Saturday, February 1, 2014

How to select the Right Process to Improve

Business Process Management is a Journey, not a One-Time Project. 

Business processes underpin business capabilities, a progressive organization should always take process improvement and optimization as a journey, not a one-time project, in order to build competitive advantage, however, how to select the right process to improve?

Selecting processes to improve should be based on organization goals, strategy, and KPIs. How far is your current process performance from targeted KPIs? Hopefully, the KPIs you selected are important to your customer. Dollars available to improve a process may be another consideration. So business process management should be well aligned to realize the organization's goals & objectives and should focus on targeting the KPI’s / SLAs that the organization wants to achieve.

Potential to simplify a complex process is a consideration, but process complexity is usually not a high consideration in deciding which processes to improve. One can use a phased implementation approach if there are too many numbers of steps. The process complexity and simplifying the process should be owned by business analyst/process modeler & designers. Please remember how a high-level process map at the enterprise level is analyzed will drive the structural complexity of the various decomposed processes at a various level of your organization. You may consider the following complexity parameters for the BPM implementation
1) Process steps complexity: Number of process steps involved
2). Process Flow complexity: number of splits, joins, loops
3). Human steps complexity: Front-end logic, back-end validation
4). Business rule integrations: BPMS rules, external rule engine, routing, rerouting, escalation handling
5). System integrations: Interfaces with the external application, point to point integrations, number of elements, data element mappings
6). Process exceptions handling: rollback, rollback within exceptions
7). Leveraging reusable components: Sub flows, business factions
8). Requirement complexity: Transactional and process related dashboards
9). Others complexity: Audit details, Payload information, Timer Logs, Managing human intervention steps from the side the organization needs

Measurement in the complexity of business processes really spins off at a structural level: Other factors are not really parameters for the computing complexity of business processes at an organization level. Other aspects only come into during process design and implementation level but process complexity is complicated during process map analysis, laying out enterprise process diagrams and high-level process modeling. The process improvement approach should start with organization goals and then drill down to the process. Process complexity should be discussed once the processes have already been selected for improvements
1). Converting more real-life process charts into graphs. As mathematical theory like graph theory is one of the important techniques for measuring the structural complexity of a business process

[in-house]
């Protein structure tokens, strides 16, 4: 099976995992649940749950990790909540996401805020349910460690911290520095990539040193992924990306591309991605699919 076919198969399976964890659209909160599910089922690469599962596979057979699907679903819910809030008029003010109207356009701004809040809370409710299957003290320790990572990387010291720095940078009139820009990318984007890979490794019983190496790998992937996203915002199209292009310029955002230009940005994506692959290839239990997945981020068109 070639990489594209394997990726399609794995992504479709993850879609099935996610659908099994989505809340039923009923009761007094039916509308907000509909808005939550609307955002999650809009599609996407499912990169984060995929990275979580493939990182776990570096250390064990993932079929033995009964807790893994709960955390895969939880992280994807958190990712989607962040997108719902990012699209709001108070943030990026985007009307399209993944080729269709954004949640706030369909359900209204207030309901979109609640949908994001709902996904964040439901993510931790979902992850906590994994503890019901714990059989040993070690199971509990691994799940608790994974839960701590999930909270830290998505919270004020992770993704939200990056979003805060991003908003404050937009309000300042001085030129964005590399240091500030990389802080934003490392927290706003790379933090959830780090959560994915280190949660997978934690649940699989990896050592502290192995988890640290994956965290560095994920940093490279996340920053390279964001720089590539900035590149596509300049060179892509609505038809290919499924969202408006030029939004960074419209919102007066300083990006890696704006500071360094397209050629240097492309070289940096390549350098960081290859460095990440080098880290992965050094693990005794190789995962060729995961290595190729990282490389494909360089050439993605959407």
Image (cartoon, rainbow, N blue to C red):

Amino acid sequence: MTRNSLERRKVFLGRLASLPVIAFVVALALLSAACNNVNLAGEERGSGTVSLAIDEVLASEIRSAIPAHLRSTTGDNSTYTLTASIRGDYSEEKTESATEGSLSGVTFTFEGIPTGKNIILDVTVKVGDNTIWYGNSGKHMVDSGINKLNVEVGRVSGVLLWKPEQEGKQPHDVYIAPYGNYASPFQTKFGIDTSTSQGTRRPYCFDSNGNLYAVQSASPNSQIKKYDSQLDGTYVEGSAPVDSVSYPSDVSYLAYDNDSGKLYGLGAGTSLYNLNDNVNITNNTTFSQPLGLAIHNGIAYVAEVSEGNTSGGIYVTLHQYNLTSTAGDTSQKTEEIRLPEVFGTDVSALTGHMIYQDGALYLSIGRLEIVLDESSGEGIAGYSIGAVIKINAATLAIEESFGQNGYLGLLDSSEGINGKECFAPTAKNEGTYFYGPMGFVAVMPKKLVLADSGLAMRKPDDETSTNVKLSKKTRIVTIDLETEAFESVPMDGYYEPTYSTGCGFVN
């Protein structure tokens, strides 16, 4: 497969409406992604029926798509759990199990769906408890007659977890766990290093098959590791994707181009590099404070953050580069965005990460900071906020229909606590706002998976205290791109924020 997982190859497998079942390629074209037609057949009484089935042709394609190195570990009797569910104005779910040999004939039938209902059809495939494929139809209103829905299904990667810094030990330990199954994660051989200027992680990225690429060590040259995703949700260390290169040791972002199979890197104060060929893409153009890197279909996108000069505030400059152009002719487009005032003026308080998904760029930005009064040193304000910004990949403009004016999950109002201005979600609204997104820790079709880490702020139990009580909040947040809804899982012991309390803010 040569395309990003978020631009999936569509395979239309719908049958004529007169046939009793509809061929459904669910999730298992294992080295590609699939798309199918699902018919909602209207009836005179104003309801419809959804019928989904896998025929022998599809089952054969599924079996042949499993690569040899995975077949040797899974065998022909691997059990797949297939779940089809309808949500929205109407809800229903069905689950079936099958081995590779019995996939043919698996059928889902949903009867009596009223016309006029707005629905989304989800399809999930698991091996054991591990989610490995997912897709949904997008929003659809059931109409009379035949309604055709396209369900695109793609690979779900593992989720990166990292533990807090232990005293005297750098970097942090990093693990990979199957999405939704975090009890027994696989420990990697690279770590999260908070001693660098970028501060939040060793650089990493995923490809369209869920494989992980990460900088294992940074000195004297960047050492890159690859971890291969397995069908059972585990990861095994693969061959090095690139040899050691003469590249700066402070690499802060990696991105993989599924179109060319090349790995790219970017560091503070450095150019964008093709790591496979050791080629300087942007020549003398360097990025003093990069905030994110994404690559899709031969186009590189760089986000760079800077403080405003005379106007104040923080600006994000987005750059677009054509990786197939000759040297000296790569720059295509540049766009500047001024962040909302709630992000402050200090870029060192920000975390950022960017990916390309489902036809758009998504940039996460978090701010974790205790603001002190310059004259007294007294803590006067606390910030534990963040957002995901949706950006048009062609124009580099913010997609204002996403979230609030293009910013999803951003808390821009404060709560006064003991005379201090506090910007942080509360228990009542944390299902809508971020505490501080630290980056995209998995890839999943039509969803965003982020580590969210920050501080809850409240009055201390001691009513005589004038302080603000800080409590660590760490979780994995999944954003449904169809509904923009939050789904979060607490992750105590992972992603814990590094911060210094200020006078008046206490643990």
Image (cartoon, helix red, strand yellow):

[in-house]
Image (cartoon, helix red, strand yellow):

2). Gaining long-term experience on the values of the complexity measures for real-life graphs, to establish the scale of the measures and enable comparison of the difference
3). Devising validation methods for the complexity measures and applying them. Implementing the algorithm to compute the complexity index (CI)
4). Investigating and validating the use of the restrictiveness estimator (RT) to cyclic process graphs. Further development of using the number of distinct trees (T) as a complexity measure
5). The relationship between size and complexity: should a complexity measure be independent of size and how can this be accomplished?
6). Using weighted arcs to represent the difficulty of information, material and control flow, possibly taking into account the media and the possibility of crossing organizational boundaries or geographical distances
7) Implementation of the best complexity measure or a set of complexity measures in a process modeling software, allowing quick and easy analysis of the complexity of different processes

Consider the "level of automation possible within the Business Process, as an additional parameter once the processes for improvement are identified: Not all activities within a process can be automated but automation certainly makes the process more repeatable and predictable. Make analytics upon how the complexity of the business process can be defined or measured with the level of automation since one of the major objectives/vision of implementing business process is automating all possible nonhuman tasks to enhance process throughput.
1) The level of automation may complicate the integration/interfacing based on the technology stack used but should not drive structural complexity of the organizational business processes. 
2) The level of automation can decide efficiency: Once you have identified the list of processes for improvement, it cannot be used to solely determine the complexity but can be used to determine the processes where maximum efficiency can be gained.
3) The level of automation can play a role in choosing the right process for improvement and yield high ROI. 

Not suggesting that it can be used solely to define the complexity of the process. Therefore, selecting a process to improve should be based on the business goal and priority, automation, complexity, etc are also considered factors. You may perhaps consider the emergent process, which is inherently "complex" due to their collaborative, knowledge-intensive nature. These are processes you may only be able to map at a high level of abstraction. But for effectiveness in process improvement, always put the focus on targeting the KPI’s / SLAs that the organization wants to achieve.


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